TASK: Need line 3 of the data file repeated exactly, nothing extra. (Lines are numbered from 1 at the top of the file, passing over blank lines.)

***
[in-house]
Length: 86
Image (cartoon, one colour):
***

Image (cartoon, one colour):